Tightening the Power Band- In Defense of Legacy Cube

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Some people are against Cubes having obvious first picks- this is largely the most common complaint with powered Cubes. If we're just playing for fun it doesn't make a lot of sense to include decisions that are just wrong. I personally loathe having obvious last picks much more, but both ideas support the general premise that Cubes should have tight power bands.

Earlier this week, Danny Brown bemoaned the changes that Randy Buehler has made to the Legacy Cube on MTGO. When I think about changes in terms of cards that I like, the changes irk me. I love me a Sulfuric Vortex or a Plow Under. Couple this with the fact that Jackal Pup was left in and I wonder, "What about MY nostalgia?"

Thinking about things this way, it's easy to be upset. That said, as adults in a civilized society I see it as our obligation to give people some benefit of the doubt. Some of my darlings are leaving, but Buehler is also explicitly cutting the traps and many of the fifteenth picks as well. Maybe you've had good experience with Show and Tell in this Cube, but I assure you that you're in the minority. So while some of my favorites are on the outs, they're taking some real turds with them, and ultimately this works towards making the Cube more balanced with fewer obvious choices.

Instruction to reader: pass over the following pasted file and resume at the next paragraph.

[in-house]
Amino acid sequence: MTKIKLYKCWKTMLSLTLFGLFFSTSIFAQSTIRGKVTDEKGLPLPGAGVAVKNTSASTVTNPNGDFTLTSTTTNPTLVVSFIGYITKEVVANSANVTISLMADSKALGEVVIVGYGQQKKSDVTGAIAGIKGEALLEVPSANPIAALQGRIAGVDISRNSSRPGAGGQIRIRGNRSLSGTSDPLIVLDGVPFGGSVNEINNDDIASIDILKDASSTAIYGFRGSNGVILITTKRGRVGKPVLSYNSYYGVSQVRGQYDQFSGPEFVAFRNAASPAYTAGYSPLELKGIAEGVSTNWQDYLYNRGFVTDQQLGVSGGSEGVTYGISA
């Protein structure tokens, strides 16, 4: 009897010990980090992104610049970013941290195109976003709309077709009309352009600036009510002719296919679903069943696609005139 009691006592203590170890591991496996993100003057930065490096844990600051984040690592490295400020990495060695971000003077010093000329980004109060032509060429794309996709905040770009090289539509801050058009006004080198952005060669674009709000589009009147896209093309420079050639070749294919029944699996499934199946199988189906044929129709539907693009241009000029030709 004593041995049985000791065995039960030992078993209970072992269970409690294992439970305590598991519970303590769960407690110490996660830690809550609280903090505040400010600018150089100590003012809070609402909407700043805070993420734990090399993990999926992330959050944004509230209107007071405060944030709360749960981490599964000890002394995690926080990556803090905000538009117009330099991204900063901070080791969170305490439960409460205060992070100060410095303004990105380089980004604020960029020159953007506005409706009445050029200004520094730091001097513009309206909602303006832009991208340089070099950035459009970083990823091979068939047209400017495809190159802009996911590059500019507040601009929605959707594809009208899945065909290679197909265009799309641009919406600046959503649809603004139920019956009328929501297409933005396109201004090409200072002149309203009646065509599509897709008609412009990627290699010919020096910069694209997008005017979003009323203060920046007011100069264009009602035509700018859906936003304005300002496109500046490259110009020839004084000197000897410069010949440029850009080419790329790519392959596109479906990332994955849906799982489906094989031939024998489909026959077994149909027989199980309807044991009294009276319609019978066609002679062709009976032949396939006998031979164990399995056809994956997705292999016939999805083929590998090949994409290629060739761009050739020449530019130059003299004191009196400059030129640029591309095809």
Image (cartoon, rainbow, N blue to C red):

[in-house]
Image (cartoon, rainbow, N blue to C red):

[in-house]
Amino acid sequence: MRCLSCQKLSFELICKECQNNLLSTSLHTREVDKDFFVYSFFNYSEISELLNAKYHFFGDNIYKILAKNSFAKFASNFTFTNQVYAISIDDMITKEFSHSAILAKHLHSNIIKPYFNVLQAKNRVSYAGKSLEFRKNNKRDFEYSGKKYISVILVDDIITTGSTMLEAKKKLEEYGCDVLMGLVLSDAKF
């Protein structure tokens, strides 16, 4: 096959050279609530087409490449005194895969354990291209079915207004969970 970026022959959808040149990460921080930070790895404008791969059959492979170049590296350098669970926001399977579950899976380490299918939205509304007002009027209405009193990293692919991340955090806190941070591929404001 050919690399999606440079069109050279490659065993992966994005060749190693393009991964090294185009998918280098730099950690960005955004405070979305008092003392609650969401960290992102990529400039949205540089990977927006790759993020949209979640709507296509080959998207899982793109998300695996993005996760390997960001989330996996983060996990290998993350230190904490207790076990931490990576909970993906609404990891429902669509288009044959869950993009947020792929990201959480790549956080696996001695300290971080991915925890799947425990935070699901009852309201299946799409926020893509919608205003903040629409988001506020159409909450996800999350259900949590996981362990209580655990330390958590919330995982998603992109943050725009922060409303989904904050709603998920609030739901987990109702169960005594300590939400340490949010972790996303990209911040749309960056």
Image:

There are some clear misses for me in the Legacy Cube update to be sure. While I think that the Vampires theme can actually work, I do agree that even if I ended up in that archetype that I would rarely want an Ascendant Evincar. That said, if we read Buehler's post it's clear that he's paying attention to both the decks that win a disproportionate percentage of the time as well as the ones that lose excessively. If I'm right about Evincar and it's a bottom 20 type card, then it will find its way on the outs.

Most importantly, what I like about these changes and their explanations are that unlike previous updates to the MTGO Cubes is that it seems that everything is moving in a clear direction without any examples of new cards being added "because they're new" that I can see. We're not there yet and I don't wholeheartedly endorse the "by the numbers" approach, but if updates continue on these lines then I see the Legacy Cube moving in a very positive direction. With all of the complaining that I had heard, I truly expected things to be dramatically worse.

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Ryan Overturf

Ryan has been playing Magic since Legions and playing competitively since Lorwyn. While he fancies himself a Legacy specialist, you'll always find him with strong opinions on every constructed format.

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